An Israeli View on Trump’s JCPOA Withdrawal: “Hope Is Not a Strategy”

Maj. Gen. (ret.) Amos Yadlin
Former Chief of Israeli Military Intelligence

The White House is correct in pointing out the weaknesses of the JCPOA, some of which have even been candidly acknowledged by former U.S. officials who worked on the agreement.  Yet, the question is not whether the agreement is perfect – but whether the alternatives would better serve the interests of Washington and its allies.  Trump has been bashing the agreement for years, and now he has set out to prove he can do better.

When considering the national security implications of withdrawing from the agreement for the U.S. and Israel it is critical to remember that the JCPOA is not an end in and of itself, rather a means to achieve certain long-term goals.  It is also important not to lose sight of four strategic goals vis-a-vis Iran: keeping Iran as far from a nuclear weapon as possible, preventing war, halting Iran’s ambitions for regional domination, and ultimately altering the fundamental character of the Iranian regime.

The 2015 deal achieved the first two aims by distancing Iran from the nuclear threshold, leaving it one year’s time from a bomb until 2025, and preventing a war over the nuclear issue. However, in the long-term, the agreement grants legitimacy for Iran to build a full-scale nuclear program that leaves it with a minimal breakout time to a nuclear weapon when it decides to do so.  Absent from the agreement were the issues of Iran’s malign activity in the region, nor did it resolve the issue of Iran’s ballistic missile development program. At the same time, it directs considerable resources to the Iranian regime.

Instead of moderating its behavior as the advocates for deal had hoped, Iran has only become more belligerent and aggressive on all fronts – Syria, Lebanon, Yemen, and Iraq. By deploying advanced weaponry against U.S. allies in the Middle East, Iran has significantly increased the threat against them and likelihood for a potential military clash.

The impressive Mossad heist from Tehran also highlighted several points that deserve consideration. First, given their incriminating nature, why weren’t those documents destroyed? The obvious answer is that the regime sought to preserve them for future use and had not relinquished its nuclear ambitions – it just sought to do so via the slow and steady route of the JCPOA.  Second, the trove of documents also highlighted the extent of the Iranian programs to both build nuclear weapons and deceive the world about their actions.  In reference to nuclear agreements, the documents accentuate the need for permanent nuclear restrictions and more intrusive inspections.

The hope in Washington today is that the renewal of sanctions will deliver a kick to the Iranian economy when it is down, and that could force the regime to return to the table to discuss parameters of a new agreement including the issues that the previous agreement neglected. And there are even some in Washington who are hopeful (perhaps beyond what evidence would support) that increasing economic pressure on the regime will destabilize it.

But hope is not a strategy.

Assuming that the Europeans side with the Russians and Chinese and refrain from reinstating sanctions and continue to invest Iran, Teheran will likely remain in the agreement in the initial stages following U.S. withdrawal.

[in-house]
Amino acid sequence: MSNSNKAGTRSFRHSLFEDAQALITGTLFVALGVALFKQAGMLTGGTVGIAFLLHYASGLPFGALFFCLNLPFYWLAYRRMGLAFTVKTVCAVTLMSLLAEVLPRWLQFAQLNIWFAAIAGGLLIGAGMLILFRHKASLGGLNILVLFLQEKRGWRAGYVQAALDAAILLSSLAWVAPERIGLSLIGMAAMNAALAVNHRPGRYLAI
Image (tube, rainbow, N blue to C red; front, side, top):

Nevertheless, it is incumbent upon decision-makers in Washington and Jerusalem to examine possible policy responses to more dangerous Iranian reactions.

Even if it does not happen immediately, it is not difficult to envision an Iranian return to enrichment levels of the pre-2013 era.  In Natanz, if Iran installs 60,000 centrifuges, including advanced models, then it can produce tons of enriched uranium and that can be used in the production of dozens of atomic weapons (today they are restricted to 300 KG).  In that scenario, Tehran might even return to 20% enrichment as is permitted according to the NPT.  Thus, under the Iranian cover story of building a civilian nuclear program, Tehran might achieve in a few years what only would have been possible in a decade under the agreement.

A more radical Iranian response would include leaving the NPT and breaking out to the bomb – in essence, an adoption of the North Korea model that seeks to acquire nuclear weapons as soon as possible in order to ensure regime security.

If there is not enough international support for biting sanctions against Iran to build leverage and bring it to the table, then the only option will be military in nature. President Trump, like his predecessor, is not interested and will not have the public’s support to launch another military intervention in the Middle East.  Even if the White House succeeds in calming tensions on the Korean Peninsula, it is difficult to envision him taking the necessary steps to halt the Iranian nuclear program.

At the same time, he will not obstruct Israel from taking such actions as his predecessor did, but that means that Israel will bear the sole military responsibility for stopping Iran.

Maj. Gen. (ret.) Amos Yadlin was chief of Israeli military intelligence from 2006 to 2010 and is now the director of the Institute for National Security Studies. Co-author Ari Heistein is the special assistant to the director of the Institute for National Security Studies.

Maj. Gen. (ret.) Amos Yadlin was chief of Israeli military intelligence from 2006 to 2010 and is now the director of the Institute for National Security Studies. In 1981, as an Israeli Air Force pilot, he participated in Israel’s airstrike on Iraq’s nuclear program.

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